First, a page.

There still isn’t much in the way of good news for ObamaCare proponents coming out of Oregon, a state that was once so eagerly confident in their collective ability to deliver an exchange that was supposed to be a model of ease and efficiency for insurance-seeking Oregonians. Their exchange’s price tag upon the October launch date was sitting somewhere around $160 million, but the website has yet to successfully process a single customer, and the administration has since burned through another $40 million of their allotted $305 million from the federal government scrambling to fix it, according to one local news report. Last week, the program’s interim chief Bruce Goldberg even admitted that eventually scrapping the whole thing isn’t out of the question if things don’t start to drastically improve:

Amid the idealistic fervor of Oregon’s effort to build a game-changing health insurance exchange, Ying Kwong did not believe the hype.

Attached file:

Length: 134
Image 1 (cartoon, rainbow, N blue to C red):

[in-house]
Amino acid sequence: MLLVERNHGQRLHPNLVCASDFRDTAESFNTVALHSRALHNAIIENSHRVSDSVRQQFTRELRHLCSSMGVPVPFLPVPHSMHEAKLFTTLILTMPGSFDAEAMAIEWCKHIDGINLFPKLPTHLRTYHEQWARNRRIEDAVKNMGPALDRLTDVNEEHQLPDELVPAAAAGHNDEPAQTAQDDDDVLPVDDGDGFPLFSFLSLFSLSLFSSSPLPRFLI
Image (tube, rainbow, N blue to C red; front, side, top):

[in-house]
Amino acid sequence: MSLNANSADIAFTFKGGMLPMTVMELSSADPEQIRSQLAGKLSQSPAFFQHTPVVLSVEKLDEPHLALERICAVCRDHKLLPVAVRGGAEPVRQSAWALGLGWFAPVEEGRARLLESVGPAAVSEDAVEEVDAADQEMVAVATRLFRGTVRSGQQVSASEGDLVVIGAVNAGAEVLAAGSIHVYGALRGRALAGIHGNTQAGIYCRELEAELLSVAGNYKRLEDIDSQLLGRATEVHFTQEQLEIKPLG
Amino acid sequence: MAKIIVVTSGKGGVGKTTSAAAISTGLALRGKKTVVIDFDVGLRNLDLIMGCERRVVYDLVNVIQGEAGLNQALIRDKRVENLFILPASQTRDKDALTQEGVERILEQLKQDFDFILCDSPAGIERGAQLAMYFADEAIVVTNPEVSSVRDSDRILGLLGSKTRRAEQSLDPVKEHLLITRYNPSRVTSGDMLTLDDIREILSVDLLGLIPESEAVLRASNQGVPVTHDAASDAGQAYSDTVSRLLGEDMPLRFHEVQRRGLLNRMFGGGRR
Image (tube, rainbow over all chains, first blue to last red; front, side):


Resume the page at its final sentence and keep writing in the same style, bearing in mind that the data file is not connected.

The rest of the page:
In one of a series of revealing emails, the Cornell-educated technology analyst at Oregon’s Department of Administrative Services wrote last May that Cover Oregon‘s managers were being “intellectually dishonest” in claiming the project would be ready Oct. 1.

He likened it to the old sci-fi movie classic, “The Blob,” since their foe seemingly couldn’t be stopped due to its amorphous plans and political momentum. “You simply don’t know how to shoot this beast, because it does not have a known anatomy with the normal vital organs that make it tick.”

Kwong wasn’t alone. His concerns about Oregon’s exchange were echoed by the project’s quality assurance contractor as well as the man Kwong was writing to, the Legislature’s top IT oversight analyst.

Repeated warnings, however, even to senior officials in the governor’s office and elsewhere and multiple layers of intended oversight, went unheeded. Winning.